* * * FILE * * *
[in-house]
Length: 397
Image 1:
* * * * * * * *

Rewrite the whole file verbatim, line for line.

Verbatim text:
[in-house]
Length: 397
Image 1: